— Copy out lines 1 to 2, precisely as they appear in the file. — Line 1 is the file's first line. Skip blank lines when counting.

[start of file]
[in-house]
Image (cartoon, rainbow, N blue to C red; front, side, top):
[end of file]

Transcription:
[in-house]
Image (cartoon, rainbow, N blue to C red; front, side, top):